*This may actually be happening, which is good because Jeff admits everything they’re saying on the subject may be half-correct..
How did I get here?
Here, we as an audience realize we’re nearing the 30-minute mark, and Jeff is just now introducing topic two.
In an analysis of 912 blog posts, Brian Dean of BuzzSumo confirmed much of what we have already surmised about domain authority correlations, while also covering some new ground related to lists, headlines and, well, more existential (Why-themed) posts. It’s truly fascinating stuff, if you have enough time on your hands to pore over the mountains of data, as Jeff evidently does.
“We knew there was only a small portion of content that performed well on the web,” he declares, alluding again to the well-known haves-and-have-nots landscape.
Some of the disparities are indeed stark. Most egregiously, 94 percent of this analyzed content gets zero backlinks. This seems unfathomable. People know how valuable links can be if they’re from credible sources, lending SEO authority. One really strong backlink is worth more than a hundred weak backlinks, Jeff bloviates, almost annoyed that he has to spell out such an obvious exchange rate.
More to the point, Baker doesn’t find this particular disparity surprising or disturbing because of the sheer volume of internet noise. He cites WordPress’ 70 million-plus blog posts per month. Of that, there’s a very small proportion absorbing all the backlinked goods. And with about 400 million people viewing more than 20 billion pages each month, there are simply way more sites to view than engaged viewers. Francis concludes that if no one knows your content exists, it doesn’t matter how great it is. Painting an even bleaker picture, Jeff notes that only 3 percent of B2B content in the study gets multiple backlinking domains.
“We all put a suit on in our head,” he then says, in a grossly reductive take on how writers tend to swing and miss with more formal B2B tones.
Life in the SEO ghetto didn’t used to be so rough
Things get overly complicated with talk of algorithms and coefficients, as Jeff confirms there’s no correlation between backlink quality and social following. That’s in part because there’s a gulf in attention-span expectations between the different audiences.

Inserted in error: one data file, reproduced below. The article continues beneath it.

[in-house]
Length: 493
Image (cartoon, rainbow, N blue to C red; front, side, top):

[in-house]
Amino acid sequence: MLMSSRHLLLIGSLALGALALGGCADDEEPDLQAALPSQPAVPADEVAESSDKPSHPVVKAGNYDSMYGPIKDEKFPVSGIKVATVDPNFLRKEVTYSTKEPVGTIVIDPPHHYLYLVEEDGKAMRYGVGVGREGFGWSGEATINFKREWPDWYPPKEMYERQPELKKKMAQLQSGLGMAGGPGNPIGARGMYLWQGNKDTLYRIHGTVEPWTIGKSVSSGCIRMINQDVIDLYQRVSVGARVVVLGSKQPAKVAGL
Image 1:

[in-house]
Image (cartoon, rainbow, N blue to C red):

“There is something actionable,” Jeff assures us, implying everything preceding this was useless. Longer headlines get over 77 percent more shares. Francis hypothesizes this is Twitter conditioning. If you don’t color or extend your title enough it’s “stock and generic.”
Yet, listicles get 218 percent more shares and re-shares than infographics, and this understandably aggravates Francis to his old-school creative core. He pines for the days of twice-daily 200-word news stories on freight regulations. That was the real pound-the-pavement, keyword-stuffing grind, kids.
We close with a discussion of whether agencies practice the content marketing they preach. Feeding off Fran’s nostalgia, Jeff harkens back to the “heyday of content marketing, when volume reigned supreme.” He is referring to 2013, roughly, which was also the heyday for twerking. Weird times. Chalk it up to the internet’s adolescence.
Anyway, the point is we as an agency recognized we had to change. We had to start taking our own medicine, producing content for our own site’s sake and exerting the same level of creative craftsmanship as we did regularly and unflinchingly for clients. The landscape had become more competitive, meaning prospects are more keen to recognize a dissonance between your brand and the story they get from a sales team.
“It should all be one continuous story,” Jeff says. “When you’ve got a break in that message, you’ve got a break in trust.”
Francis trusts no one but you, Jeff. Keep him safe in this brave new backinkin’ world.
Here’s your context-free quote of the week: